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Nutrients 2014, 6(11), 5280-5297; doi:10.3390/nu6115280

Evidence and Mechanisms of Fat Depletion in Cancer

Division of Human Nutrition, Department of Agricultural, Food and Nutritional Science, University of Alberta, 4-002 Li Ka Shing Centre for Health Research Innovation, Edmonton, AB T6G 2E1, Canada
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Received: 5 August 2014 / Revised: 19 September 2014 / Accepted: 10 October 2014 / Published: 19 November 2014
(This article belongs to the Special Issue Nutrition and Cancer)
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Abstract

The majority of cancer patients experience wasting characterized by muscle loss with or without fat loss. In human and animal models of cancer, body composition assessment and morphological analysis reveals adipose atrophy and presence of smaller adipocytes. Fat loss is associated with reduced quality of life in cancer patients and shorter survival independent of body mass index. Fat loss occurs in both visceral and subcutaneous depots; however, the pattern of loss has been incompletely characterized. Increased lipolysis and fat oxidation, decreased lipogenesis, impaired lipid depositionand adipogenesis, as well as browning of white adipose tissue may underlie adipose atrophy in cancer. Inflammatory cytokines such as interleukin-6 (IL-6), tumor necrosis factor alpha (TNF-α), and interleukin-1 beta (IL-1β) produced by the tumor or adipose tissue may also contribute to adipose depletion. Identifying the mechanisms and time course of fat mass changes in cancer may help identify individuals at risk of adipose depletion and define interventions to circumvent wasting. This review outlines current knowledge of fat mass in cancer and illustrates the need for further studies to assess alterations in visceral and subcutaneous adipose depots and possible mechanisms for loss of fat during cancer progression. View Full-Text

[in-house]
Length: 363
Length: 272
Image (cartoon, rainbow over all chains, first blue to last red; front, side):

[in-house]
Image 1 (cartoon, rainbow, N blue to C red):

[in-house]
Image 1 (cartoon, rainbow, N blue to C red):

Keywords: adipose tissue; cancer; computed tomography; fat mobilization adipose tissue; cancer; computed tomography; fat mobilization
This is an open access article distributed under the Creative Commons Attribution License which permits unrestricted use, distribution, and reproduction in any medium, provided the original work is properly cited. (CC BY 4.0).

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Ebadi, M.; Mazurak, V.C. Evidence and Mechanisms of Fat Depletion in Cancer. Nutrients 2014, 6, 5280-5297.

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